I am in desperate need of help to improve the abysmal performance of my 802.11n wireless network. At best I get 30Mbs (this is an internet download) from a technology that boasts 300Mbs, even worse is the LAN where to date the best I have ever gotten is 1Mbs. It is literally quicker to copy the file to a USB drive and walk it to the other computer.

Infrastructure is this

  • AP 802.11n only broadcasting at both 2.4GHz and 5GHz
  • Mac with 802.11a/b/g/n card is connected to the AP via 5GHz
  • Linux with 802.11a/b/g/n card is connected to AP via 2.4GHz

I have conducted the following tests (results at end of post)

  • Internet based speed test wired and wireless
  • LAN file copy wired and wireless

I have read:

I have made the following optimizations

  • AP broadcasts only 802.11n on both 2.4GHz and 5GHz frequencies
  • 2.4GHz is on a channel with least interference (live in an apartment with lots of APs), this did make a 10Mb/sec improvement
  • Our AP is the only one transmitting on the 5GHz freq.
  • Security: WPA Personal WPA2 AES encryption
  • Bandwidth: 20MHz / 40MHz (I assume this to be channel bonding)

I have tried the following with 0 improvement

  • Dropped the Fragment Threshold to 512
  • Dropped the Request To Send (RTS) Threshold to 512 and 1
  • Even thought of buying a frequency spectrum analyzer, until I saw the cost of them!!!

Speed test results

Linux Wired:

Mac Wired:

Linux Wireless:

Mac Wireless:

LAN NFS 53,345,087 bytes (51MB) file

  • Linux Mac NFS Wired: 65.6959 Mb/sec
  • Linux Mac NFS Wireless: .9443 Mb/sec

All help is appreciated, even testing methods will be accepted.

  • 1
    None of those speeds seem to be concering. What makes you think your access point has the ability to provide faster speeds? Your wire and wireless upload speeds match, this means, your using 100% of the bandwidth and have very little packet loss. One has to remember that the 54 Mbit/s to 600 Mbit/s are the speeds you would see in a clean room. They are also an entirely different unit of measurement. – Ramhound Sep 6 '13 at 11:30
  • How many Access Points can your computers see ? You will probably find that the Wifi provider is lying to you about speed (they ALL do it, its pretty much written in to the spec as you will never get anything close to the advertised speed in real life), and the amount of other devices "eating" into your available spectrum. You might be able to speed things up by changing WIFI channels, but if you can't you can always kill the power to your neighbours so their WIFI's stop interfering with yours :> – davidgo Sep 7 '13 at 4:45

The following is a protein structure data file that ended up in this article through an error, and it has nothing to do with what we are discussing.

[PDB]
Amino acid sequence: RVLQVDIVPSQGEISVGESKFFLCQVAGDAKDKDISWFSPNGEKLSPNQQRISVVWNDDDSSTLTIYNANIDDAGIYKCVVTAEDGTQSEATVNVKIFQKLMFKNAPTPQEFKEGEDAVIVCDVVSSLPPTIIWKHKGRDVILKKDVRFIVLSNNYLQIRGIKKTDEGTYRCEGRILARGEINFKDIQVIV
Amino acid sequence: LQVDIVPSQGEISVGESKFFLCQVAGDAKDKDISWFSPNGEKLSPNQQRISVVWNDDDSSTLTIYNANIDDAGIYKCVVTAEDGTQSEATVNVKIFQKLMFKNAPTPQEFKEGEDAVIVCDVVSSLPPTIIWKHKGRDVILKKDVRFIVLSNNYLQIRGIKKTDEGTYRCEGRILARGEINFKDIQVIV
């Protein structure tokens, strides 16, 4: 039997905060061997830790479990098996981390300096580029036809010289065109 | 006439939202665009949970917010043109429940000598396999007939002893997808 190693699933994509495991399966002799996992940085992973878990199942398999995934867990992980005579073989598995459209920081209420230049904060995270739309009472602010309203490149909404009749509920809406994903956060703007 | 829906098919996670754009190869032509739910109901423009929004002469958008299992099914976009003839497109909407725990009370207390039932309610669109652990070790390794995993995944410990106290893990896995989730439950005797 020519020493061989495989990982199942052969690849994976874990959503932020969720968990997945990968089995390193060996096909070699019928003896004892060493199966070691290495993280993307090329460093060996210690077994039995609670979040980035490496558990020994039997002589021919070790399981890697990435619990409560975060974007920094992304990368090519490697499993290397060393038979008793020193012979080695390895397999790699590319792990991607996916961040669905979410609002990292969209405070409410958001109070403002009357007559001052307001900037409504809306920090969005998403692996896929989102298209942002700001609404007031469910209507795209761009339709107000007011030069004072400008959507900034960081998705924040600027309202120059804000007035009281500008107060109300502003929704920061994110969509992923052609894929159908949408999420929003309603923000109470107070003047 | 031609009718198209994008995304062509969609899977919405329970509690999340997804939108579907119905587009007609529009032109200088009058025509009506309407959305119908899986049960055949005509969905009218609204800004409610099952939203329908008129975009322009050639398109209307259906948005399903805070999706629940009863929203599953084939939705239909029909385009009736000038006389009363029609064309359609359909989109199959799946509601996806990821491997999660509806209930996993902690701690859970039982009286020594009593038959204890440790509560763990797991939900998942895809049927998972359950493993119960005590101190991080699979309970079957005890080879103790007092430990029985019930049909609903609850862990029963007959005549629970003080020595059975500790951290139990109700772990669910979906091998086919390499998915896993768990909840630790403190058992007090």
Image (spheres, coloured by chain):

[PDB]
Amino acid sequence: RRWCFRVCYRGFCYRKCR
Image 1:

Sometimes you may have other devices using 2.4Ghz causing interference. Not sure if you have tried using a scanner to see if some other device is interfering. I've found this to be the case at my job where I had a similar situation and there was a telephone using 2.4Ghz that caused slowdowns.

  • Normally N wireless runs on 5Ghz, but in this case, it's running mixed mode with a/b/g, so yes, this is a good idea. Lots of random devices crap all over the 2.4Ghz including phones, baby monitors, and microwaves. – Mikey T.K. Mar 18 '16 at 19:54

What is serving the NFS data? Is this on the wired network?

See http://www.tp-link.us/article/?faqid=190 for finding the MTU fragmentation limits. If you can set the MTU on whatever is serving your NFS then you might be able to improve the wi-fi performance.


If your wireless router is set to both 20/40MHz auto selection for Channel Bandwidth and there are a number of other Access Points in the area it may be having trouble using enough channels to actually support the 40MHz option.

When using the 20MHz option only one channel is used in the transmission of data, and makes it very obvious if you use any channel scanning utility on a computer or phone that it is overlapping with other Access Points in close proximity.

When attempting to work at 40MHz the router is actually extending from the base channel either up or down (normally this can be configured).

I followed advice for some time to simply using 20MHz channel bandwidth exclusively, but later was able to once again use the 20/40Mhz auto setting by being extremely particular about my control channel choice and the direction of channel extension.

I used the following application on my Android phone to check the impact of other Access Points on the channels I attempted to use: